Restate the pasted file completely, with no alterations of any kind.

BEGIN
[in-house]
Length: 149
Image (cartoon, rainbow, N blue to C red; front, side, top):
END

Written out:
[in-house]
Length: 149
Image (cartoon, rainbow, N blue to C red; front, side, top):